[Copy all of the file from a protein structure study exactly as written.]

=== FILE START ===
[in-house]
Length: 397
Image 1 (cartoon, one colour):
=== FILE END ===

[in-house]
Length: 397
Image 1 (cartoon, one colour):